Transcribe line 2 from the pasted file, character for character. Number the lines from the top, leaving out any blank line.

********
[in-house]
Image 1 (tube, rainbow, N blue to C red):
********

Image 1 (tube, rainbow, N blue to C red):